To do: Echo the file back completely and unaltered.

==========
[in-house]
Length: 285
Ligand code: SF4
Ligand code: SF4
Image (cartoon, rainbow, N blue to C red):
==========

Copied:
[in-house]
Length: 285
Ligand code: SF4
Ligand code: SF4
Image (cartoon, rainbow, N blue to C red):